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What have you been watching? Including Strange Empire, Coverband, Electra, The Flash and Doctor Who

It’s “What have you been watching?”, my chance to tell you what movies and TV I’ve been watching recently that I haven’t already reviewed and your chance to recommend things to everyone else (and me) in case I’ve missed them.

The usual “TMINE recommends” page features links to reviews of all the shows I’ve ever recommended, and there’s also the Reviews A-Z, for when you want to check more or less anything I’ve reviewed ever. And if you want to know when any of these shows are on in your area, there’s Locate TV – they’ll even email you a weekly schedule.

You may have noticed I was playing epic catch-up on Saturday, in contravention of my normal rule of weekend blogging. So on top of Friday’s all out efforts and a couple of extra ones today, I’ve reviewed the following new shows, some of which have already been acquired for Blighty’s viewing pleasure:

Yay, me. No back log now. Time to have regular weekends again. Phew.

In fact, so ahead of myself am I that I’ll point out that ages ago, I reviewed NBC’s Constantine, which starts on Friday. Okay, it’s changed a bit since the pilot but you’ll get the general point.

But I’ve not stopped there. Oh no. Because I’ve also watched a New Zealand and a Canadian show just for luck. Okay, I was a bit behind on all of them, so I’ve only seen the first episode of each, but honestly, that felt like enough.

Strange Empire (Canada: CBC)
Set in the 1860s on the Alberta-Montana border, this sees three women (Cara Gee, Tattiawna Jones and Melissa Farman from Lost) band together for survival after virtually all the men in their town are murdered and those remaining behind battle for power. Very nicely made and already being described as the saviour of CBC, it’s historically interesting but about as tedious as any other western, and none of the characters really grabbed me.

Coverband (New Zealand: TV One)
A one-hit wonder band reunite back in New Zealand years after they were famous. Unfortunately, the female lead singer was the one who was a success, leaving the terminally unsexy rest of the band to make it by themselves, something at which they fail miserably. Now having to deal with the pressures of normal lives and forced to do cover versions of other bands’ records, they suck completely until they stagecrashed by Laughton Kora, who shows them what rock charisma and singing really are, so they hire him. Kind of.

It’s an amiable and accurate enough show, based on cast member Johnny Barker’s own experiences as an Auckland cover band musician, and were there enough time in the world, I’d probably tune in for a few more episodes. But the show’s not so inspiring that I’ll throw something else aside for it and I’ve already seen The Wedding Band crash and burn, so I don’t think I need to see that happen again.

Unfortunately, New Zealand doesn’t want to produce any globally available videos of its own shows, apparently, so here’s a picture of the cast to tide you over.

Coverband

That’s it for new new shows, but after the jump, I’ll be running through: Arrow, black-ish, The Blacklist, Doctor Who, The Flash, Forever, Gotham, Homeland, Marvel’s Agents of SHIELD, Plebs, Scorpion, Selfie and The Walking Dead.

But hey! Before you go, I should mention I went to the theatre, too!

Electra (Old Vic)
Kristin Scott Thomas as Electra, a new translation of Sophocles’ original text by Greek tragedy stalwart Frank McGuinness, music by PJ Harvey – what could go wrong? Well, not much actually, beyond a certain staticness to the direction, a slightly weak performance by Jack Lowden as Orestes and a very strange performance by Tyrone Huggins as Aegisthus. Other than that, a fine piece of work, surprisingly faithfully staged (although that’s not quite how Greek people prayed), with an outstanding performance by Thomas and a surprisingly funny text by McGuinness – in part to cover up for casting slightly older than originally written, but also to hide the unlikelihood of Electra not recognising Orestes. Liz White (Life on Mars) gives the best performance I’ve ever seen from her as Chrysothemis, Electra’s sister.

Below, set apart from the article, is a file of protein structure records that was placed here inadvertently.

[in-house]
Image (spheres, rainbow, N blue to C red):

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The BarrometerA Barrometer rating of 4

Third-episode verdict: Rake (US) (Fox)

In the US: Thursdays, 9/8c, Fox
In the UK: The Universal Channel.

Time to cast our eyes over the first three episodes of Rake, Fox’s lacklustre attempt to remake Australia’s popular show about a rogue lawyer who’s gone off the rails a bit (Richard Roxburgh as the eponymous Rake) by diluting it down to the point of non-existence and casting Greg Kinnear as the not-eponymous Keegan Deane. 

This is what it should look like:

This is what it actually looks like:

As a show, it just sort of exists. It’s not especially fun. It’s got almost nothing interesting to say about the legal system. Rake’s Deane’s flaws, including gambling addiction, aren’t really terrible and no one really does anything to him (goodies or baddies) as a result of the thefts, deceptions, etc, he commits, so they just seem like harmless quirks. Greg Kinnear is woefully miscast as Deane, not having the charm or ability to portray the darkness of character needed for the role.

So all it is is 40 minutes or so of Kinnear running around being mildly annoying to people, mildly unreliable and mildly incompetent as a lawyer. Despite the occasional guest actress (Alex Breckenridge in episode two) or guest star (Tony Hawks in episode thee) doing their best to enliven proceedings, they’re always better than the show itself and nothing about any regular aspect of the show makes you want to watch it, unless you’re desperate for a screen saver on your TV and can’t be bothered to stump up for one of those fireplace DVDs.

Avoid.

Barrometer rating: 4
Rob’s prediction: Will be cancelled before the end of the season